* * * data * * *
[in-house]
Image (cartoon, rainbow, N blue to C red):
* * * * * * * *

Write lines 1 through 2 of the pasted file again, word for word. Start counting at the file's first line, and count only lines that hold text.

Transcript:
[in-house]
Image (cartoon, rainbow, N blue to C red):